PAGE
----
On their final day in the Holy Land, the Connor pilgrims reflected on the conflict in Syria as they visited the Golan Heights, occupied Syrian land still full of minefields.
Their final stop in this 10–day pilgrimage was the beautiful site that was once the city of Caesarea Philippi. Visit our Photo Album for the latest images.
In his blog written as the sun sets on the pilgrim’s final day, pilgrimage leader Dean John Mann writes:
I am sorry to rub it in, but a ninth consecutive day of warm sunshine, clear blue skies and light winds does make a difference to any pilgrimage to the Holy Land. I know, I know, we are about to be brought down to earth in more ways than one, but today once again we left the hotel travelling north to Caesarea Philippi.
Before leaving the lake we read the story of the feeding of the five thousand and contemplated the fish from the Sea of Galilee as well as the bread. Once more the water looked sublime and the glare from the sun upon it lit the whole scene. At this place there are the remains of an ancient harbour, the water level is much below that now, but a full three metres higher than when we were here two and a half years ago, following two wet winters.
Around ten o’clock we started our journey onto the Golan Heights. This area is occupied Syrian land and is still full of minefields (well marked!) and Israeli military camps, and we climbed steadily from 700 feet below sea level at the lake to more than twice the height of Slieve Donard at the highest areas of this mountain range. We stopped at a viewing place overlooking Syria and partook of a local delicacy, apples grown in local orchards dipped in grape honey from local bees. When I say local, I mean from the Golan Heights. This is a fertile and well–watered area as there are many underground aquifers. There are fields of apple, and cherry orchards and vines grow well here too. In the Spring–time people drive up into the hills to see the acres of cherry blossom and at this time of the year, it is for the fresh apples and for the honey.
We saw young men and women with mine detectors clearing an area of hillside. The mines are Syrian, from before the six–day war of 1967 when Israel annexed the Golan Heights for its strategic importance. There is now a buffer zone patrolled by the UN. It is a quiet border now, but in the distance, not that far from where we were standing there were puffs of smoke, reminding us of the internal conflict in Syria and the fact that as we sat and drank coffee and bought souvenirs people were dying. A very sobering thought indeed.
On a lighter note, the coffee shop that we were at was called “Coffee Anan”, “coffee in the clouds” it means, but it is a deliberate play on the name of the former UN Secretary General. They are proud enough of it to have a brown road sign marking it and directing people to it. The coffee was good too!
Our pilgrimage has taken us into this beautiful hill region, with its scars of battle, from the Fortress of Nimrod – a massive Crusader castle marking the furthest they reached to the north–east (they never took Damascus) – to the 20th century bunkers and shelled buildings of a much later conflict, because we wanted to visit the site of Caesarea Philippi.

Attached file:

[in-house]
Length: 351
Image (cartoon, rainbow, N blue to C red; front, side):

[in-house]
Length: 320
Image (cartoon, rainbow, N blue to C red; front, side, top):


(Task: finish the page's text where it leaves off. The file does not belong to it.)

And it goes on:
This city in the mountains is where Peter confessed that Jesus was the Christ, the son of the living God. I like to finish a pilgrimage at this point with the question posed by Jesus to his disciples, “And who do you say that I am?’
Before travelling in his steps, the pilgrims could recite the answer to that question without hesitation; now it is no different, but it comes with the knowledge that we have worshipped and prayed, read and sung our way around the land that witnessed the events that convince us of this fact.
Today the city of Caesarea Philippi is no more, but the fresh water spring that made this a place of settlement still gushes forth and from the clear streams the pilgrims gathered “Jordan water,” for this is one of the sources of the river and it is crystal clean at this place. Chris Orr, a parishioner of St Paul’s Lisburn, was just filling a bottle when he received a text message to say that his niece has just had a baby boy – that was really good timing! Congratulations!!
We gave thanks for our baptism; the unwearied shoppers made a few purchases at the nearby gift shop and we drove down towards our lunch stop at a nearby kibbutz. On the way we looked across a high wire fence into Lebanon, the other neighbour of Israel on its northern border. In the distance Mount Hermon, snow–capped for three months of the year, but clear at the moment, reared its bulk partly in Israel, partly in Syria, and we settled to soup and salad, salmon, beef and vegetables. Thus restored, we made an early return to Tiberias and our hotel.
Pilgrims swam and walked, rested and partook of refreshment. Tomorrow is a very early start. The morning alarm call is at 3.00 a.m. – then breakfast for those who can face it – a two hour drive, and we are back to queuing with luggage, passports in hand, listening for announcements and everything else that is now covered euphemistically by ‘relax and shop!’
Previous blogs by Dean Mann in the Holy Land can be read by clicking on the links below: